rli: Red List Index.

Description Usage Arguments Details Value References Examples

View source: R/red.R


Calculates the Red List Index (RLI) for a group of species.


rli(spData, tree = NULL, boot = FALSE, runs = 1000)



Either a vector with species assessment categories for a single point in time or a matrix with two points in time in different columns (species x date). Values can be text (EX, EW, RE, CR, EN, VU, NT, DD, LC) or numeric (0 for LC, 1 for NT, 2 for VU, 3 for EN, 4 for CR, 5 for RE/EW/EX).


An hclust or phylo object (used when species are weighted by their unique contribution to phylogenetic or functional diversity).


If TRUE bootstrapping for statistical significance is performed on both values per date and the trend between dates.


Number of runs for bootstrapping


The IUCN Red List Index (RLI) (Butchart et al. 2004, 2007) reflects overall changes in IUCN Red List status over time of a group of taxa. The RLI uses weight scores based on the Red List status of each of the assessed species. These scores range from 0 (Least Concern) to Extinct/Extinct in the Wild (5). Summing these scores across all species and relating them to the worst-case scenario, i.e. all species extinct, gives us an indication of how biodiversity is doing. Each species weight can further be influenced by how much it uniquely contributes to the phylogenetic or functional diversity of the group (Cardoso et al. in prep.). To incorporate Importantly, the RLI is based on true improvements or deteriorations in the status of species, i.e. genuine changes. It excludes category changes resulting from, e.g., new knowledge (Butchart et al. 2007). The RLI approach helps to develop a better understanding of which taxa, regions or ecosystems are declining or improving. Juslen et al. (2016a, b) suggested the use of bootstrapping to search for statistical significance when comparing taxa or for trends in time of the index and this approach is here implemented.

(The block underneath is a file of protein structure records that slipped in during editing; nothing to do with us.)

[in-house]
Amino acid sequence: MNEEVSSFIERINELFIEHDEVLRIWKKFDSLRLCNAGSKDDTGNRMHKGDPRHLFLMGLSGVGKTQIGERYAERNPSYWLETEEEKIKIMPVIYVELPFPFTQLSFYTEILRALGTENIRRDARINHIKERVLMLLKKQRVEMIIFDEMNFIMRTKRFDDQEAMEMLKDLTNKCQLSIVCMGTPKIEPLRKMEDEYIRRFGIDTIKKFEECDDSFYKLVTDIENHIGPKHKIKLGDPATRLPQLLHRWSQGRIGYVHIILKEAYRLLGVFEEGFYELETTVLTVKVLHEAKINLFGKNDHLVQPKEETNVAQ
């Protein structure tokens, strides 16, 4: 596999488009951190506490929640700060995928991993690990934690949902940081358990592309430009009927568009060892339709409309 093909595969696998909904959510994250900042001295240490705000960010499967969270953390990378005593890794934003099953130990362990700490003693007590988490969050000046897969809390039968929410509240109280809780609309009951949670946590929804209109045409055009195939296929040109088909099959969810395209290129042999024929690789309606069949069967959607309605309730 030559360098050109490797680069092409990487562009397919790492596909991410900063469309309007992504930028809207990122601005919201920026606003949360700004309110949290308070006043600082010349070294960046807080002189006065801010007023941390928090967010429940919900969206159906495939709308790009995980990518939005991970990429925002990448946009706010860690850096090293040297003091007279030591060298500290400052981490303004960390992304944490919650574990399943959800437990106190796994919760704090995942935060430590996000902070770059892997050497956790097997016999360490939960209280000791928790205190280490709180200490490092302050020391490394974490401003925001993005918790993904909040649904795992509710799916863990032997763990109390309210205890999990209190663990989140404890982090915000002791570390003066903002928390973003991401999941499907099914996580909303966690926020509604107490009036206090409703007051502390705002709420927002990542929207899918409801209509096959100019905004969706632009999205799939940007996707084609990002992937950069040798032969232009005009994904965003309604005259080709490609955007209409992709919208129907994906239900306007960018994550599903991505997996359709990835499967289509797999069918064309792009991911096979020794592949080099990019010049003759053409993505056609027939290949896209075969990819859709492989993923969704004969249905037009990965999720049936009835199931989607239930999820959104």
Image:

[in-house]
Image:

Either a vector (if no two dates are given) or a matrix with the RLI values and, if bootstrap is performed, their confidence limits and significance.


Butchart, S.H.M., Stattersfield, A.J., Bennun, L.A., Shutes, S.M., Akcakaya, H.R., Baillie, J.E.M., Stuart, S.N., Hilton-Taylor, C. & Mace, G.M. (2004) Measuring global trends in the status of biodiversity: Red List Indices for birds. PloS Biology, 2: 2294-2304.

Butchart, S.H.M., Akcakaya, H.R., Chanson, J., Baillie, J.E.M., Collen, B., Quader, S., Turner, W.R., Amin, R., Stuart, S.N. & Hilton-Taylor, C. (2007) Improvements to the Red List index. PloS One, 2: e140.

Juslen, A., Cardoso, P., Kullberg, J., Saari, S. & Kaila, L. (2016a) Trends of extinction risk for Lepidoptera in Finland: the first national Red List Index of butterflies and moths. Insect Conservation and Diversity, 9: 118-123.

Juslen, A., Pykala, J., Kuusela, S., Kaila, L., Kullberg, J., Mattila, J., Muona, J., Saari, S. & Cardoso, P. (2016b) Application of the Red List Index as an indicator of habitat change. Biodiversity and Conservation, 25: 569-585.


rliData <- matrix(c("LC","LC","EN","EN","EX","EX","LC","CR","CR","EX"), ncol = 2, byrow = TRUE)
colnames(rliData) <- c("2000", "2010")
rli(rliData[,1], boot = TRUE)
rli(rliData, boot = TRUE)

red documentation built on May 9, 2018, 1:04 a.m.

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